“I hope that diversification of energy sources can remain a long-term goal, and I would like to see a greater focus on technological innovations in the short term.” Innovation requires participation from all sides of the industry, including monetary and political motivations.
Economics, and Energy
Politics and economics inevitably play a role in the energy industry. Multiple promising energy plants have been shut down despite having another 10-20 years left, because the companies and governments involved cannot afford the backend cleanup payments. Nonetheless, there are a few instances in which a plan for more renewable energy has been carried through successfully. “One obvious example would be the shift to CFL and LED lighting in the past 20 years. It is one of the reasons that the power demand has somewhat stabilized,” said Naude.
The main obstacle preventing other similar innovations from being made is human error and conflicting interests. “Often, myopia sets in, and people fixate on one kind of issue. They do not look for alternative solutions, which just goes to show that everyone is focused on a certain agenda: their own agenda.” For example, Naude recalled an incident when project managers and staff of an EPC company wanted to install a booster pump in a boiling condensate line. As a subject matter expert with years of experience, Naude was aware that there had been several industrial accidents resulting in fatalities as a result of transients in condensate piping. Such transients would be possible with the booster pump configuration that was being planned. “Despite this fraught history, each person on the call had their own goals and agenda (schedule and budget), so coming up with a safe and reliable solution was very difficult,” he said.
For Naude, the best solution is always to ask the subject matter experts. Engineers are better equipped to solve technical problems than politicians or economists ever could be. “If we are able to come together as a team, I believe it will be easier to expand on ideas and move forward with more viable solutions.”
Naude believes that responsible decision-making and technological innovation can solve almost any problem. He is always up for an engineering challenge, whether in his work or in his personal life. To emphasize that thinking outside of the proverbial ‘box’ can lead to unique and viable solutions, he described one situation where his pool pump was costing him an extraordinary amount in electric power bills. “When circulating the pool water, the pump is designed to take the water on a roundabout route before bringing it back to the pool.
So what useful work does the pump actually do? Fundamentally, nothing. All energy is spent to overcome friction.” Irritated by the obvious waste of energy, Naude promptly began planning a variable frequency pump retrofit for his pool. Once installed, he had reduced the electrical current draw of the pump from 11.6 Amps down to 0.6 Amps, dramatically reducing his monthly energy costs. While this solution is often passed by due to the high initial cost of purchasing a variable speed pump rather than a regular pool pump, the amount of energy saved balances out the upfront cost within 8-9 months. It is certainly a much better long-term solution despite the higher initial cost.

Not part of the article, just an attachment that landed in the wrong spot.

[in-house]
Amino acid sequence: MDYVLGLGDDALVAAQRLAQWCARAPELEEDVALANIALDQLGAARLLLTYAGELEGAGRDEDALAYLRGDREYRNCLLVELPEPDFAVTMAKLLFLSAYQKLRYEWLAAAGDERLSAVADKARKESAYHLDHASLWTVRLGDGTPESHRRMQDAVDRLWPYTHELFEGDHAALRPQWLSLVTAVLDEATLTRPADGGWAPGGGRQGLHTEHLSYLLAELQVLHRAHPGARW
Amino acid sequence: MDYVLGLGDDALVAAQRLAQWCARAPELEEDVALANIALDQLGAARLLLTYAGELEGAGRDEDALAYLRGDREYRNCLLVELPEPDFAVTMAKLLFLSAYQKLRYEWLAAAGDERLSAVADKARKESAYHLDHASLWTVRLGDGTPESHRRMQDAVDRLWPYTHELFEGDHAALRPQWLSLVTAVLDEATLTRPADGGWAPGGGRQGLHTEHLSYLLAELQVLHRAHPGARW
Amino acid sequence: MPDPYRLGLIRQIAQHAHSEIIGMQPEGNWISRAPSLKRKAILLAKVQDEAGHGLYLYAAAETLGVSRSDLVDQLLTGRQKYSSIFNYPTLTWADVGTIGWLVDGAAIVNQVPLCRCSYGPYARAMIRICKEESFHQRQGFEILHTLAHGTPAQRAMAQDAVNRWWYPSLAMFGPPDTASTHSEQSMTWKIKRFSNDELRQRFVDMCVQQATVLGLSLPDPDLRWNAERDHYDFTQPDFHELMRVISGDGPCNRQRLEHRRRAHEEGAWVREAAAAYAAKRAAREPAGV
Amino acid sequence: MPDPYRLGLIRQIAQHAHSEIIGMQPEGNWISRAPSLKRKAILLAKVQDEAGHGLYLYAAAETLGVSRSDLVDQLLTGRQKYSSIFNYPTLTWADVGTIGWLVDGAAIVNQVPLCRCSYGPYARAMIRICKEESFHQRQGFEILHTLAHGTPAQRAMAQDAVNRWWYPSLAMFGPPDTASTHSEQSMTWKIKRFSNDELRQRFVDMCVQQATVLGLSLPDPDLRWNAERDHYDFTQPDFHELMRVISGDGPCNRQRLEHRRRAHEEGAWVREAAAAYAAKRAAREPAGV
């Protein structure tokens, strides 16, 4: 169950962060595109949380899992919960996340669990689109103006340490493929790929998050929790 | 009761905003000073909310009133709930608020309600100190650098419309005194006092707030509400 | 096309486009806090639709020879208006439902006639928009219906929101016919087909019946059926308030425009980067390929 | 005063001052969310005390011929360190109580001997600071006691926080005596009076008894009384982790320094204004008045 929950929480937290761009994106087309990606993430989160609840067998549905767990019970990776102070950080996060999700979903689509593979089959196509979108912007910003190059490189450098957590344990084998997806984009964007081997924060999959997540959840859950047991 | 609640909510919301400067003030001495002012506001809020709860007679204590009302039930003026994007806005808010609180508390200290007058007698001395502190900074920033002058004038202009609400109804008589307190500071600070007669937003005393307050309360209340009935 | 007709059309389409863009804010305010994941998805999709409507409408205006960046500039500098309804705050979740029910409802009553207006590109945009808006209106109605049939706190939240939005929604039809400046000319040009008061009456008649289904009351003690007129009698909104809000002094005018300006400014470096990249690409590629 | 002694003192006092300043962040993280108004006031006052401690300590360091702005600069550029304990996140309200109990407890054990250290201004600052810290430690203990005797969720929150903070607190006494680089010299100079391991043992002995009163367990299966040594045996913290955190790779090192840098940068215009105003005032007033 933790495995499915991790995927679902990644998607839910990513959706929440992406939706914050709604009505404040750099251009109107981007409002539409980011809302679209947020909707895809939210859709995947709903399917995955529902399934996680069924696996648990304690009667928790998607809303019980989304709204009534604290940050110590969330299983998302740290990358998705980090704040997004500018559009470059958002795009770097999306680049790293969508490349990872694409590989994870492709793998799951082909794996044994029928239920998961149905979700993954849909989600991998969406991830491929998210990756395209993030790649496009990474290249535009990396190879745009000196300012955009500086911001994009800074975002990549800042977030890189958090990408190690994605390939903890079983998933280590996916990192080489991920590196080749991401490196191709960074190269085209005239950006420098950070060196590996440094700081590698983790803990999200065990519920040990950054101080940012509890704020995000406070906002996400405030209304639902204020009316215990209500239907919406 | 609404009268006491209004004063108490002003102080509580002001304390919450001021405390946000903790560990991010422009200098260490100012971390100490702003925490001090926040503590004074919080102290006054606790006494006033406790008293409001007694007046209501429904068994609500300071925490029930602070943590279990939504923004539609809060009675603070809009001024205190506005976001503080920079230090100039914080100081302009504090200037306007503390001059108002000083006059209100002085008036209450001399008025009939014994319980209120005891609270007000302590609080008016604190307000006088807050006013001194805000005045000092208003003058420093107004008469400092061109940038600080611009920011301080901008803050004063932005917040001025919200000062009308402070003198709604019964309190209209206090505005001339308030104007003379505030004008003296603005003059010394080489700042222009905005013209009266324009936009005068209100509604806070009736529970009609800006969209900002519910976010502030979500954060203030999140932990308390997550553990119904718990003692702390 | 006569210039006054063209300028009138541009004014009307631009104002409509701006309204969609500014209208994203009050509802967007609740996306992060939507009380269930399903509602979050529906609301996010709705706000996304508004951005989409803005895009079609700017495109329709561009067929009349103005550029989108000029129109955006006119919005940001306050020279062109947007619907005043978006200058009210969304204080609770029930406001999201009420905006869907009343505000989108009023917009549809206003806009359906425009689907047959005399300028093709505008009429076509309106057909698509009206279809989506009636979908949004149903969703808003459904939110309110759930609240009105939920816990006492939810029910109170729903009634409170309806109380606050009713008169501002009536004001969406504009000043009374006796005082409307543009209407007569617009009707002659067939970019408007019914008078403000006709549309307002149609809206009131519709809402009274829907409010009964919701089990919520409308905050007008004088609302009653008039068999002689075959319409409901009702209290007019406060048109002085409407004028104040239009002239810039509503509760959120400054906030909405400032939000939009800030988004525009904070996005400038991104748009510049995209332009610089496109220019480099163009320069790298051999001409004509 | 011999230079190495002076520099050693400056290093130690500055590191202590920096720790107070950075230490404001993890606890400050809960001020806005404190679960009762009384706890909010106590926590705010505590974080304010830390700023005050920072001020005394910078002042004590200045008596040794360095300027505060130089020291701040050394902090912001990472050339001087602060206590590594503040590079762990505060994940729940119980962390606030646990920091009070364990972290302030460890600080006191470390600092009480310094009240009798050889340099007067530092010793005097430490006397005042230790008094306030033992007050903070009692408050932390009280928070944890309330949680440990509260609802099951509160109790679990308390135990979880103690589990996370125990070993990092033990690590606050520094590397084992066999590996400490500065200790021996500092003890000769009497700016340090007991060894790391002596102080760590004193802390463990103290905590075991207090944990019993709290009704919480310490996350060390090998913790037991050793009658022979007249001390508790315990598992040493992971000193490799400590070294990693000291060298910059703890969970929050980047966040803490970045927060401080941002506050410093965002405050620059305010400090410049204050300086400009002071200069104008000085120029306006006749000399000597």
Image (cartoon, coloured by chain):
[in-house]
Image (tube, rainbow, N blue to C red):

“Through this example, it is shown how responsible decision-making and technological innovation can solve a problem. But, how does this translate to bigger issues within the energy and pump industries?” said Naude. He explained that one solution would be to take more time when making important decisions. “Sometimes, the wrong decision is made when forced into a corner, or to save money. It would be best to revert to a simpler time; when there is a technical problem, the conversation should revolve around technical facts and the laws of physics. Technical specialists know these things intimately. This specialist is called in to examine the so-called ‘corpse’ when an adverse condition occurs, conduct the ‘post mortem,’ and figure out what happened, leading to the solution.” It comes down to science, and Naude hopes that more companies will be able to prioritize real science over profit.
“Renewables and green energy are an exciting new field, but they must be utilized responsibly and balanced equally with older technologies that we know work, as well as newer technologies that increase efficiency,” he concluded.